# Slip Speed in an Induction Motor

**Slip Speed** of the Induction Motor is defined as the difference between the **synchronous speed** and the **actual rotor speed**. An induction motor cannot run at synchronous speed. Let us consider that the rotor of the induction motor is running at the synchronous speed. At this condition, the rotor conductors do not cut the flux and as a result, there is no generation of voltage, current and hence, no torque.

The speed of the rotor is slightly less than the synchronous speed. Thus, the slip speed expresses the speed of the rotor relative to the field.

- If N
_{s}is the synchronous speed in revolution per minute - N
_{r}is the actual rotor speed in revolution per minute.

The slip speed of the induction motor is given as

The slip speed expressed as a fraction of the synchronous speed is called the** Per Unit Slip** or** Fractional Slip**. The per unit slip is generally called the **Slip**. It is denoted by s.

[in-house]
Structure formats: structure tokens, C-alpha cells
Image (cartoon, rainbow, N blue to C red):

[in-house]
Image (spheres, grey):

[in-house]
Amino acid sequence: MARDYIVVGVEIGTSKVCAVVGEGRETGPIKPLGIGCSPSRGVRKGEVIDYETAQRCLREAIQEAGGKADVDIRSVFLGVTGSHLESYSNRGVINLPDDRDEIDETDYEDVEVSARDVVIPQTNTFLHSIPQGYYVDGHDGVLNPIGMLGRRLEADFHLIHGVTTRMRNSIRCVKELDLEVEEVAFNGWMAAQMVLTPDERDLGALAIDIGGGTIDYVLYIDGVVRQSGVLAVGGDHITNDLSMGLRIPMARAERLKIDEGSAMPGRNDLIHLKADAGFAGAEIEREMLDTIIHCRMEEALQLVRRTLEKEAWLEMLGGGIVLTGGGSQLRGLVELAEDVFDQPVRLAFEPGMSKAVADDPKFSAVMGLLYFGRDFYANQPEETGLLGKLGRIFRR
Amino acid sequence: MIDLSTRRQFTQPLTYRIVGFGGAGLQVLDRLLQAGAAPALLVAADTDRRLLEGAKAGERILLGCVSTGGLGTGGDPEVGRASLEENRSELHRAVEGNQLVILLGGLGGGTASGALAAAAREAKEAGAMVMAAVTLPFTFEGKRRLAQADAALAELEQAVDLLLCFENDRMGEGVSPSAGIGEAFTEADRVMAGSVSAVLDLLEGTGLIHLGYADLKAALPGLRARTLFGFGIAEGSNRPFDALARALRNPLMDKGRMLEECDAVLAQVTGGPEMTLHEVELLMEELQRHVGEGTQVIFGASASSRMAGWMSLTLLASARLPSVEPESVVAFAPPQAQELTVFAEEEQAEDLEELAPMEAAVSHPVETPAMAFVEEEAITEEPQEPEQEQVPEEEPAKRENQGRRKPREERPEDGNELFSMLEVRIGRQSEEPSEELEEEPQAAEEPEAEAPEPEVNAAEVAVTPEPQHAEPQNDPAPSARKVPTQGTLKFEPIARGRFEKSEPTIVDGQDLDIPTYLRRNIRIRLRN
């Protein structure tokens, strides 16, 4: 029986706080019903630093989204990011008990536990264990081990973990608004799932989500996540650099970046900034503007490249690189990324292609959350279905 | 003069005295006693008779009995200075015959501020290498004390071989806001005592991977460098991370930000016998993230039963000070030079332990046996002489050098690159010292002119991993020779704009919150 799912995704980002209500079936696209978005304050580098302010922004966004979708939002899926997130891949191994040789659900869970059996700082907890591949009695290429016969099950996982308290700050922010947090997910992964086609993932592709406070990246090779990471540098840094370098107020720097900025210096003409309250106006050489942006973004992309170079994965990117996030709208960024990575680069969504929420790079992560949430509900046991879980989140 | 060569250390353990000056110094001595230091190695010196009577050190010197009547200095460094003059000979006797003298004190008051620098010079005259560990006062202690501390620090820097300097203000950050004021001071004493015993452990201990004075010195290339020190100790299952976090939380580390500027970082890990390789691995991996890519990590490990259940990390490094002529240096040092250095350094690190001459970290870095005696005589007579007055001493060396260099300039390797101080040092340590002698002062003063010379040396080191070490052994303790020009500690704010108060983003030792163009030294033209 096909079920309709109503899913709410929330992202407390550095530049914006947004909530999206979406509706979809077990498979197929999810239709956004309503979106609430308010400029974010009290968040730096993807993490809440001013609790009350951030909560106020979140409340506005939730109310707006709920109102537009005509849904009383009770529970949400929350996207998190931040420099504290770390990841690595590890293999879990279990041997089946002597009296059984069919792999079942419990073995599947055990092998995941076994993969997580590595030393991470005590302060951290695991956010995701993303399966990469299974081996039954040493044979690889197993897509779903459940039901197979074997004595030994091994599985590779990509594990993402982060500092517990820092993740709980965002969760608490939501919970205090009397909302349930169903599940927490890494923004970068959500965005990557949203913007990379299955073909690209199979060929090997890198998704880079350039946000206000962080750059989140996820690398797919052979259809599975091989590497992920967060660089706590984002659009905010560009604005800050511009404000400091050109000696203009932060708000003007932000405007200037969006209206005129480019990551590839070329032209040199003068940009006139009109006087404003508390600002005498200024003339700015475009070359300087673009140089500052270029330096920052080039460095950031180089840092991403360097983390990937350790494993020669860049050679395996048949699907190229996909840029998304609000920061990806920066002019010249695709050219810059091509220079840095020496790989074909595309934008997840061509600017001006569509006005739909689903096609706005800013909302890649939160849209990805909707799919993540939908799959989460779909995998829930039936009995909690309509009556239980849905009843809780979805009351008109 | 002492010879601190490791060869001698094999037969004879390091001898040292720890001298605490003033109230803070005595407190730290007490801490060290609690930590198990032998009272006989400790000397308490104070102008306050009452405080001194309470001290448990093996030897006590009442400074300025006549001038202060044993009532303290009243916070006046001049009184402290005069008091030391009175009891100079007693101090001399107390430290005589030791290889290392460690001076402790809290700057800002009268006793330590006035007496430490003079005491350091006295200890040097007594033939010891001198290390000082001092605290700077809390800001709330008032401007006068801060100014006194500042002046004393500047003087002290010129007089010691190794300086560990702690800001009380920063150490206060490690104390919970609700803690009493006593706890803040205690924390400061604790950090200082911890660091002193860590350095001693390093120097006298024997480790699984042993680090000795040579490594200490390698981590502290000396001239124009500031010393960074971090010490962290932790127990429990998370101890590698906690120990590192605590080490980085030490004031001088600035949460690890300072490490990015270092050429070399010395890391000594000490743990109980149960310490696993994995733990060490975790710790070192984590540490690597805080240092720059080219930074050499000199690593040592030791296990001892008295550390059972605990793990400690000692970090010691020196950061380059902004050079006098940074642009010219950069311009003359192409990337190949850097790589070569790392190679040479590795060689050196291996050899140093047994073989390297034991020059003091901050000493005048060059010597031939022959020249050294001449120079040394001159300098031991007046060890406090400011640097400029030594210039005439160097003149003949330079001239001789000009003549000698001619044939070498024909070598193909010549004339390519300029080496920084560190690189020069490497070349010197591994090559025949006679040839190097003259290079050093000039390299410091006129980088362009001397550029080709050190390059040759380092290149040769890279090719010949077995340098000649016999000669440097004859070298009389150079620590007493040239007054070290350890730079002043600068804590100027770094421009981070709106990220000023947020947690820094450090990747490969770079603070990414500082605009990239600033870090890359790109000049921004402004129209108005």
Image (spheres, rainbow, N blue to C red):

Therefore, the rotor speed is given by the equation shown below.

Alternatively, if

- n
_{s}is the synchronous speed in revolution per second - n
_{r}is the actual rotor speed in revolution per second.

Then,

The percentage slip in revolution per second is given as shown below.

The slip of the induction motor varies from 5 percent for small motors to 2 percent for large motors.

## Importance of Slip

Slip plays an important role in Induction motor. As we know that the difference between the synchronous speed and the rotor speed is known as **Slip**. Hence, the magnitude of the induced emf is represented as

The rotor current is directly proportional to the induced emf.

The torque is directly proportional to the rotor current.

Therefore,

Hence, torque is directly proportional to slip.

Thus, greater the value of the slip greater will be the induced EMF and the rotor current. As a result, the rotor will develop a large amount of the torque.

At no-load induction motor requires small torque to overcome mechanical, iron and other losses, therefore slip is small. When the motor is loaded, greater torque is required to drive the load. The slip of the induction motor increases and the rotor speed decreases. Thus, the slip in an induction motor adjusts itself to such a value so as to meet the required driving torque under normal operation.